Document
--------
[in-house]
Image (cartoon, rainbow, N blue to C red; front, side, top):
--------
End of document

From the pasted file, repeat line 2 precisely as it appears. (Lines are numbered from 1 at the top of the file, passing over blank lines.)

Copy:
Image (cartoon, rainbow, N blue to C red; front, side, top):